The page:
COMMENTARY: Rethinking Establishment Narratives About Islam
A widely read Catholic news outlet recently carried a piece about the causes of Islamic terrorism. The conclusion? We don’t know what causes it, but it doesn’t seem to have much to do with Islam.
That has become a familiar refrain. When bad things are done in the name of Islam, we are told it has nothing to do with Islam. To be fair to the author, Susan Wills, she relies heavily on two books by academics who have studied terrorism.
One would think they should know the score, but they are hesitant to come to any conclusions, except to rule out the one that would jump to most people’s minds when an Allahu akbar-shouting individual starts shooting in their direction.
One of the authorities cites seven reasons why individuals might turn to terrorism, but none of them has anything to do with religion. For example, reason No. 1 is the aggressors “feel angry, alienated or disenfranchised” — a descriptor that would fit about one-third of the planet’s young-adult males.
Although the terrorists themselves may cite religion as a motivator, the researchers dismiss this as a red herring made up after the fact to justify their behavior. Consequently, for counterterrorism agents’ purposes of profiling, “infiltrating mosques and hanging out in hookah bars is a waste of time.”
The White House seems to be consulting the same researchers. President Barack Obama and his representatives refuse to connect Muslim terrorist attacks with Islam — not even with “radical Islam.” White House Press Secretary Josh Earnest has been pushing the nothing-to-do-with-Islam meme — well, in earnest.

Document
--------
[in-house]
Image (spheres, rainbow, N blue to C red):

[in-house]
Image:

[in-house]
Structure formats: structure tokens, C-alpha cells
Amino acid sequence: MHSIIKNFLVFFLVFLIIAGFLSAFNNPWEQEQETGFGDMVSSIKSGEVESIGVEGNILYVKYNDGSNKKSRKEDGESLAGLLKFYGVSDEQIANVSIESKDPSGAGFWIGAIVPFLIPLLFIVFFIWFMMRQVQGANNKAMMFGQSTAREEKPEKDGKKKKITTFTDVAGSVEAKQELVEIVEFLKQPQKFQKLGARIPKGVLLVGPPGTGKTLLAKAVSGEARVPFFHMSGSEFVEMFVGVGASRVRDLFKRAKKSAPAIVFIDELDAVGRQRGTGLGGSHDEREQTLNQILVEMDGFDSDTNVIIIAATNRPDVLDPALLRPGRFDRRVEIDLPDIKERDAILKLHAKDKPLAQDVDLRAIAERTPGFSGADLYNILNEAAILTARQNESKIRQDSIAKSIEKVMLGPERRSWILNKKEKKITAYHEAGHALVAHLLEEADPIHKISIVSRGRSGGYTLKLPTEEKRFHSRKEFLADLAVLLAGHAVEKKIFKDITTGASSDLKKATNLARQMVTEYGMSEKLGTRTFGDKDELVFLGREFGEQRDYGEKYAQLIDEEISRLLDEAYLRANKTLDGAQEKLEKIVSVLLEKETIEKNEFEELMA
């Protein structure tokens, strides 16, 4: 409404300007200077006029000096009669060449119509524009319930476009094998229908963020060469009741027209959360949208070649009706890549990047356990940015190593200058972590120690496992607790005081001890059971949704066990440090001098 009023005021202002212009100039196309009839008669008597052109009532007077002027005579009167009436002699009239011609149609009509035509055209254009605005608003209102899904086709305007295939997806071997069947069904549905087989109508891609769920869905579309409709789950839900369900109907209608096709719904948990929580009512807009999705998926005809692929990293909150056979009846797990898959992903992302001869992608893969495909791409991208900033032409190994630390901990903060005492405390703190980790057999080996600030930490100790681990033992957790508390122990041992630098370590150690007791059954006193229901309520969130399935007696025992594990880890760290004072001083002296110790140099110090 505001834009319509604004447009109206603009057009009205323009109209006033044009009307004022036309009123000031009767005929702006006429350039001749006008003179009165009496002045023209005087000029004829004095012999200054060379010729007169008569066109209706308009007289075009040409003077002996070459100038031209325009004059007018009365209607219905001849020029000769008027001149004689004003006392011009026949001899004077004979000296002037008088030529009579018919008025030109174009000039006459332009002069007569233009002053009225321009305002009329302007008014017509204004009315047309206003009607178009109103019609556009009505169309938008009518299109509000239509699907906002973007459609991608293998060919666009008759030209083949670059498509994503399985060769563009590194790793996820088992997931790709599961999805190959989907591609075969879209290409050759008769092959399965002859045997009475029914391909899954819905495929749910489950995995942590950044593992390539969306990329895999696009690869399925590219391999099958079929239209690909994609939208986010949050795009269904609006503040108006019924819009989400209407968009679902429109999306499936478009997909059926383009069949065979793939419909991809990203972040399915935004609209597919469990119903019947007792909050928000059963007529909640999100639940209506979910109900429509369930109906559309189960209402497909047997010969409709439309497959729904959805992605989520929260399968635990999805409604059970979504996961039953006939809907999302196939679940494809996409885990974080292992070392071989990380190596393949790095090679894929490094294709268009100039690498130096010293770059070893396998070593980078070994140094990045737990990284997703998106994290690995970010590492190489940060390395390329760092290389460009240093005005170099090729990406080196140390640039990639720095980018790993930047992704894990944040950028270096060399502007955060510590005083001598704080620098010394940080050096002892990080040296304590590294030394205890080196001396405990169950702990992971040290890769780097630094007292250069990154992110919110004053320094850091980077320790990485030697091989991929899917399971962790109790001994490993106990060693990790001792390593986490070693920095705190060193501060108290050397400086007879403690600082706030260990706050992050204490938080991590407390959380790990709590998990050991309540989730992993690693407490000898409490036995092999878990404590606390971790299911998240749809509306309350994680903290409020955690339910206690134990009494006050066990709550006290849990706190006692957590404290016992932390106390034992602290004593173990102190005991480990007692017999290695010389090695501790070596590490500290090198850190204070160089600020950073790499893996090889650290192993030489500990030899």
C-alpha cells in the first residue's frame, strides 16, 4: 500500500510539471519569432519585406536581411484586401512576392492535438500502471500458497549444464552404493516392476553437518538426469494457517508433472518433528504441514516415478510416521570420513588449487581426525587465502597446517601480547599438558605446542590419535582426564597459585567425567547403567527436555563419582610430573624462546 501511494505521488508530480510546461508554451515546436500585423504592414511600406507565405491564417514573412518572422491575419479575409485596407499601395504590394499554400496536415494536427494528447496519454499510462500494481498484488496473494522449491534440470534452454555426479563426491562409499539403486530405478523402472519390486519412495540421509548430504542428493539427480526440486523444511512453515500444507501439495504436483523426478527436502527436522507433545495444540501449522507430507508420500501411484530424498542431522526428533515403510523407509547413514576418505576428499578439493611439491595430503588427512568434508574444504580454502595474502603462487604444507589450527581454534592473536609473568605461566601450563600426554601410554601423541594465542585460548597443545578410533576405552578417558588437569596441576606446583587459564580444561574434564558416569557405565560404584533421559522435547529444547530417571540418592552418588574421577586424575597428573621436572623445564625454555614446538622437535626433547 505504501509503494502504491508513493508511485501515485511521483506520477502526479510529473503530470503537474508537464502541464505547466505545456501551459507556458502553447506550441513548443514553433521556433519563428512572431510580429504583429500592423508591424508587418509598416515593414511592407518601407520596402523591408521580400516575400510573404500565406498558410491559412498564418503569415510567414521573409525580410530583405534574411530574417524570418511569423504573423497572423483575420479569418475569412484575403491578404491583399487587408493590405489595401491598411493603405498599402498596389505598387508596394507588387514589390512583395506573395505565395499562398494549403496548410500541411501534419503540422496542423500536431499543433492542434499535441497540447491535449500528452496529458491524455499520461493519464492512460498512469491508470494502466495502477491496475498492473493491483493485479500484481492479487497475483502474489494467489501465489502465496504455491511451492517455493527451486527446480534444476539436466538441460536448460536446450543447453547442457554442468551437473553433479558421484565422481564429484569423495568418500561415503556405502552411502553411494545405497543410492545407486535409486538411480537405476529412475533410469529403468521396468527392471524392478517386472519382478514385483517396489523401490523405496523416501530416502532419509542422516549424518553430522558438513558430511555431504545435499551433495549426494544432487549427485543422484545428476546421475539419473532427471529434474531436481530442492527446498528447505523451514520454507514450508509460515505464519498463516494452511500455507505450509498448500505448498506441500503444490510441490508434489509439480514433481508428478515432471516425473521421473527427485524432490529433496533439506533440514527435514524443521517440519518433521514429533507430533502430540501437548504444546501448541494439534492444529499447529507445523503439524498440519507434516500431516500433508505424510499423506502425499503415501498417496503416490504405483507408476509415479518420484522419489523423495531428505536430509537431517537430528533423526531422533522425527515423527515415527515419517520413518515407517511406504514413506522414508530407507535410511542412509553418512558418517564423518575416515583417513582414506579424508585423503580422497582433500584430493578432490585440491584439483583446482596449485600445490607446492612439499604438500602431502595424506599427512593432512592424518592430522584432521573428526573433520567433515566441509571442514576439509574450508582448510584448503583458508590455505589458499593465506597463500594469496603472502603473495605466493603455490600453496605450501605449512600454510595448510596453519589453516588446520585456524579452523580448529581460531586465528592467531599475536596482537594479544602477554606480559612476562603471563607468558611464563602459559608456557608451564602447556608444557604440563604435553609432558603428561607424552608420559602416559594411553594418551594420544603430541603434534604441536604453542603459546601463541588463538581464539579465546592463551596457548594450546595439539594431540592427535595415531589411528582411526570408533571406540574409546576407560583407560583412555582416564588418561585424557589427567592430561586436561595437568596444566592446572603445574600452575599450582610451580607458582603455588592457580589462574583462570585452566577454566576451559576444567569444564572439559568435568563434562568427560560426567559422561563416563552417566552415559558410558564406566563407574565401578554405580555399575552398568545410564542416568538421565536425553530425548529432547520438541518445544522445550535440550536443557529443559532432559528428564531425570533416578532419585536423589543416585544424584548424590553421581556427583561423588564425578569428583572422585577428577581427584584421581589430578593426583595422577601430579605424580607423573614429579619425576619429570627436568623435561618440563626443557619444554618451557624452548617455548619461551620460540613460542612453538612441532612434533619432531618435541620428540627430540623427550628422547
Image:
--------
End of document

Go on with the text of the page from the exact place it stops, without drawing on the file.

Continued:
After the Paris massacre last month, he wouldn’t address the terrorists’ loudly shouted explanation: “Allahu akbar! We have avenged the Prophet Muhammad!” According to Earnest, this was an obvious red herring: “They later tried to justify that act of terrorism by invoking the religion of Islam and their own deviant view of it.” In another briefing, he said, “We’re still trying to figure out exactly … what their motivations are.”
And so, it seems, are some Catholic journalists. One of the academics Wills cites answers the question, “Why would anyone commit such acts?” with “We don’t know why. Even the terrorists don’t really know what their motivations are.”
The terrorists don’t know why? Then what’s the point of terrorizing?
Almost by definition, acts of terrorism are committed out of ideological motivations. The idea of terrorism is to spread an ideology by intimidating others either to accept it or else to cease resisting it. Drive-by shootings may have the effect of terrorizing a neighborhood, but since they are not motivated by an ideology, we don’t refer to gangs as terrorist outfits.
On the other hand, a suicide bomber who blows himself up in a crowded market is a terrorist. He does what he does out of an ideological or religious motive — not, as some terrorism experts would have us believe, for no particular reason at all.
Catholicism is supposed to be the religion of faith and reason, but some Catholics seem to be accepting what the experts say on faith alone. It requires a certain leap of faith to believe that when a terrorist increases his rate of praying from one to five times a day in the year before his attack (Tamerlan Tsarnaev) or when another terrorist carries a business card identifying himself as a “soldier of Allah” (Nidal Hasan), it “signifies nothing” (to paraphrase Shakespeare, whose plays, according to literary experts, can be interpreted to mean anything you like).